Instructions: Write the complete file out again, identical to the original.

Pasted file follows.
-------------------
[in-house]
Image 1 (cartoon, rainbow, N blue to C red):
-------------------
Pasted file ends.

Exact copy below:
[in-house]
Image 1 (cartoon, rainbow, N blue to C red):